This award supports theoretical and computational research on electro-magneto-mechanical couplings in ferroelectric and multiferroic nanostructures. Ferroelectrics and multiferroics are multi-functional materials that have many applications in devices such as actuators, sensors, and memory storage. The main objective of the project is to fundamentally understand the roles of mechanical and electrical boundary conditions in their ferroic responses. The focus is on the piezoelectric responses of nanoferroelectrics and the magnetoelectric coupling of self-assembled epitaxial nanocomposites of ferroelectric and ferromagnetic crystals. The phase-field approach will be employed in combination with mesoscale elasticity, electrostatic theory, and micromagnetics. The particular goals of the project are as follows:

(1) The PI will develop and implement efficient numerical algorithms based on the spectral method for solving the phase-field, mechanical, electrostatic, and magnetostatic equations while taking into the appropriate electric and mechanical boundary conditions.

(2) The PI will investigate the dependence of piezoelectric responses of ferroelectric nanostructures on substrate constraints as well as on the inhomogeneous stress distributions within a nanostructure due to presence of defects such as dislocations.

(3) The PI will study the correlation between the multiferroic nanocomposite microstructure and the magnitude of magnetoelectric coupling effect.

This research program involves active collaborations with applied mathematicians on the implementation of advanced numerical algorithms and with experimentalists on experimental validation of computational predictions and findings. The research under this award is expected to (i) significantly contribute to the fundamental understanding of the piezoelectric responses of nanoferroelectrics and magnetoelectric coupling effect of multiferroic nanocomposites, (ii) yield new phase-field formulations for modeling multiferroic domain structures, and (iii) produce advanced numerical algorithms for solving phase-field equations involving non-periodic boundary conditions.

This award supports training graduate as well as undergraduate students through thesis and summer research. Software tools developed from the project will be incorporated into two graduate courses and an undergraduate course. The research findings will be disseminated to a wide audience through archival publications and conferences, review and overview papers, and active participation and lectures at interdisciplinary workshops.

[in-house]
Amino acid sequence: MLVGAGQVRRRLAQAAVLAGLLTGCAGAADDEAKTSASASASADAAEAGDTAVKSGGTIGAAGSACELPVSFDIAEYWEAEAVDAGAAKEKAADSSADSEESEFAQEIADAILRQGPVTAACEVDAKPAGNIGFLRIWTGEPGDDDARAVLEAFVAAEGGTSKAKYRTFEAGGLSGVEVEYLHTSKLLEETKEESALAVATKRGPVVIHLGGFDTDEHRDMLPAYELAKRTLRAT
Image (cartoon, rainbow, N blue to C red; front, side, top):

NON-TECHNICAL SUMMARY

This award supports theoretical and computational research on the properties and functionalities of ferroelectric and multiferroic oxides. Ferroelectrics and multiferroics are multi-functional materials that can produce two or more different types of responses when they are subjected to an external field. They have many potential applications in devices such as actuators, sensors, and computer memory storage. For example, a ferroelectric crystal can change both its shape and electric polarization when it is subject to an external mechanical stress. Electric polarization results when the negative electronic charge distribution is shifted from the positive charge distribution of the atomic nuclei in a crystal. In a multiferroic material, the magnitude and direction of both the magnetization and electric polarization can be altered by externally applying either an electric or a magnetic field.

The research program has two main thrusts: The PI will investigate the so-called "piezoelectric response", which is related to the magnitude of the change in electric polarization under a mechanical stress or the degree of crystal shape deformation under an electric field. These effects will be examined in bulk ferroelectrics as well as in tiny structures of sizes that are approximately one billionth the size of the human hair. Secondly, the PI will investigate the so-called "magnetoelectric" coupling, which is related to the change in electric polarization under an applied magnetic field or the change in magnetization under an applied electric field. The PI will develop and apply various computational tools in these investigations. The overall goal is to optimize the multi-functionalities of such materials through computer simulations. The research program involves active collaborations with applied mathematicians on the implementation of advanced numerical algorithms and with experimentalists on experimental validation of computational predictions and findings.

The project will contribute to human resource development by training graduate as well as undergraduate students through thesis and summer research. Software tools developed from the project will be incorporated into two graduate courses and an undergraduate course. The research findings will be disseminated to a wide audience through archival publications and conferences, review and overview papers, and active participation and lectures at interdisciplinary workshops.

Agency
National Science Foundation (NSF)
Institute
Division of Materials Research (DMR)
Application #
1006541
Program Officer
Daryl W. Hess
Project Start
Project End
Budget Start
2010-10-01
Budget End
2014-09-30
Support Year
Fiscal Year
2010
Total Cost
$400,000
Indirect Cost
Name
Pennsylvania State University
Department
Type
DUNS #
City
University Park
State
PA
Country
United States
Zip Code
16802